Denial and Shame Essay

Submitted By lct2024
Words: 2412
Pages: 10

Torrie Cannon
Eng. 423 Ryner
Nov 26, 2013
The Wife of a Shoemaker
My dearest lover, I saw a play today called The Shoemaker’s Holiday and there were two characters that were immensely similar to us and it has caused me great distress. There was shoemaker who was sent off to war just like you were and had to leave his poor wife all alone with his friends who treated her very horribly. They made her sound like a whore and made jokes about her situation. It reminded me so much of us that I began to cry. And the rich people in the galleries were laughing! How they could be so cruel! They will never understand what it’s like to lose your newly married husband to the awfulness of war and have to fend for yourself. It felt like they were laughing at me love! I have never felt so mortified and embarrassed in all my life! You have good friend’s right love, friends that will treat me respectfully, and not like they did that Jane girl in the play? In the end of the play her husband did return to her and was able to stop her next marriage but he was lame and extremely ill. I hope you come home to me in good health my sweetheart; I couldn’t bear to see you in pain or of ill health. Even then the rich people in the galleries still laughed at them because they were poor and didn’t have much to live on. I’m sure it was a good play but I couldn’t watch it because my head was spinning with all of these horrible ideas of how I am to be treated while you are away and if you will ever return home to me. I don’t want to marry anyone else; I am married to you and have given you my heart. Please come home safe to me,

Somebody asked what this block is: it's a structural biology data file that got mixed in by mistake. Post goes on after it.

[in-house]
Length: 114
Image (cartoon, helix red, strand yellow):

With Love,
In the turn into the 15th Century, the wife of a shoemaker seeing a play by herself or with a possible apprentice would be plausible. She would be a citizen, and it is known that citizen’s wives would attend plays on occasion. Andrew Gurr concludes that: “the wives of citizens were regular playgoers throughout the whole period” and that: “Evidence for the presence of citizens’ wives at plays confirms the inference that citizens themselves were likewise regular playgoers, since no respectable wife could easily attend a play without a male escort” (Gurr 76-77). What if the wife of a shoemaker ever saw the play The Shoemaker’s Holiday by Thomas Dekker? I would argue that she would relate completely with Jane: completely objectified and mocked while her husband was sent off to fight in a war. The wife of a shoemaker who had a husband sent off to war wouldn’t have been that uncommon either because when the play was in theatre in 1599, war was taking place with Ireland along with the Spanish. In this paper I will prove that a young bride of a shoemaker would have been outraged and mortified with this play because of the abhorrent sexual treatment as well as the mocking of the lower class. During the time that The Shoemaker’s Holiday was being performed England was at war with two separate countries, Ireland and Spain. England was fighting with Ireland for power in the Nine Years War. The country was also in a technically undeclared war with Spain that is known today as the Anglo-Spanish War. The war with the Spanish was technically undeclared in that it parliament never declared war with Spain but sent troops to battle with them over religious reasons. (Palmer 129) Both wars were fought on religious quarrels and lasted for years. As David Scott Kastan argues in his article: Comedy and Commerce in The Shoemaker's Holiday, “Impressment and casualty reports would not be matters of indifference to the Rose Theatre audience in 1599. For three years, beginning in 1596, the number of impressed soldiers had begun to increase dramatically as the Irish situation worsened demanding reinforcements and reports reached England of renewed Spanish invasion plans. By the summer of 1599 the fear of an imminent Spanish attack grew acute” (Kastan 329). There are three key scenes that demonstrate how unpleasantly Jane was